Celebrating Thanksgiving in France

Guest Post by Madison Mackenzie, Foster Senior studying Finance and CISB. Madison is currently participating in an undergraduate exchange with Audencia Business School in Nantes, France 

I invited my friends from Audencia over to celebrate Thanksgiving this past Saturday—you don’t get time off in France for Thanksgiving and we had a midterm the Friday after. I also wanted my first family holiday away from home to be special and I thought what better way to celebrate it than to show my European friends how American food can be just as tasty. With that in mind, I embarked on a mission to prepare a traditional American Thanksgiving dinner.

The first obstacle that I encountered in throwing this dinner party is that finding a turkey and pumpkin puree in France is quite hard. When I went to the grocery store, they asked me to repeat myself twice and I think after that they still didn’t understand what I wanted. At first, I thought that it might have just been my strong American accent when I speak French, but it was actually because French people don’t really eat whole turkeys or pumpkin. But I don’t give up quite so easy, so determined to find a turkey, I went to the butcher. I know what you’re thinking now: “butcher?” Yes, the butcher. In France, it is still very common to go to the butcher to buy meat. A lot of people even prefer it because they like knowing exactly where their meat comes from, which I respect. I only wish we had the same luxury in the US given our abysmal food quality standards.

The butcher also thought I was crazy for wanting to buy an 8.2 kg (18 lb) turkey, but his wife turned out to be Canadian and knew a little more about Thanksgiving. When they finally found a turkey that size, they called me and were so excited to tell me the news. I was grateful for not only having a turkey to cook, but also for their desire to make sure I felt at home. I could tell that they genuinely cared that I could celebrate something that would make me miss home a little less.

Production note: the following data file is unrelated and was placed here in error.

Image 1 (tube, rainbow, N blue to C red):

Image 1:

Despite my initial struggle to find the food for my dinner, my Thanksgiving soirée turned out to be a success! Everyone loved the food and my French roommate had to take pictures of the turkey to show her mom. All my guests also made traditional food from their country and brought it to share. My French friends made quiche, une tarte, and un gâteau, while my friends from Germany brought sauerkraut, baked stuffed apples, German wine, and cheese. It was so nice to try food from other countries and have a fun night with friends outside of school. My friends were also surprised to find out why Americans celebrate Thanksgiving. They understood the modern tradition of reflecting on what we’re grateful for, but they couldn’t quite wrap their heads around the concept of why Thanksgiving started. They found the notion of essentially celebrating colonialism—the first pilgrims giving thanks to native Americans for helping them cultivate land—a little bizarre. My French friend Mathias, whose girlfriend is from Venezuela, said that Venezuelans would never celebrate a holiday like Thanksgiving even though Venezuela was colonized as well. It made me also realize how strange American traditions can seem to Europeans, just as we find some of their customs and traditions a bit different. It’s all about perspective.